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The Undeniable Connection Between Sleep & Mental Health

Young woman laying on a bed

When the daytime version of yourself suffers, the snuggly nighttime version feels the impact. Though we might not always want to admit it, our mental and emotional health directly affects how much and how well we sleep at night. 

Consider this: when an upsetting or stressful event happens during your day, perhaps at work or in your personal life, how does your mood change? If you’re one of the lucky ones, the unfortunate incident may be a blip on your radar. But if you’re more like the majority of Americans, you may often ruminate on it. It can even hold a place in your thoughts well after you turn out the light. 

The problem with inviting anxiety and stress into your bed is that you create a cycle: bad sleeps followed by bad days from being overtired can be challenging to break. 

The Impact of Sleep Deprivation On Our Moods

As a Licensed Independent Clinical Social Worker, therapist, and someone who does not come by restful sleep easily, I’ve learned a lot about the connection between sleep and mental health. According to Harvard Health Publishing, there are more than 70 types of sleep disorders, nearly all of which directly connect to mental health issues – that’s a lot of sheep to count! 

The most obvious explanation for this connection between mental health and sleep is that we naturally feel an increase in negative moods when we’re sleep-deprived. Think anger, sadness, anxiety, frustration, impatience, irritability, and lack of motivation. 

Sleep impacts emotional regulation – when we’re rested and alert, we’re better equipped to manage anxiety, stress, and other negative emotions.

Practicing Cognitive Reframing to Promote Positive Thinking

The ultimate question to answer is how you can start improving your mental health today to promote a better night’s sleep tonight. My own sleep patterns were suffering at the height of the pandemic from extreme stress and anxiety.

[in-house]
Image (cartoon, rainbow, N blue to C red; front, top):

Cognitive reframing is a psychological technique and coping skill that I often use with my clients (and for myself) that can work wonders. The strategy involves challenging negative thoughts and emotions to change your mindset and improve your mood. 

By reframing your negative experiences to extract the positivity from them, you are taking control of your narrative to shift your thinking and, therefore, decrease your anxiety. 

Check out the following options for various cognitive strategies you can use to reframe your thoughts:

  • Actively notice negative thoughts in your head. Awareness is key, so identifying them is the first step towards changing them.
  • Ask yourself the right questions. Is this thought 100% accurate? Is this thought helpful? What will I gain from accepting this thought? What will I lose?
  • Exchange each negative thought for a positive one. Replace “I cannot” or “I will not” with “I can” or “I will.”
  • Practice gratitude. Ask yourself what you are grateful for today and focus on one person, place, thing, or experience at a time.
  • Repeat positive affirmations such as “Everything will be okay” or “I let go of my worry” out loud before bedtime to center your thoughts.

The best advice I can give for cognitive reframing is to practice, practice, practice. Change doesn’t happen overnight. Reframing your thoughts is an ongoing process. 

To learn even more tips for improving your mental health and promoting deep, healthy sleep, follow Equip Sleeping Co. on Instagram or subscribe to our newsletter.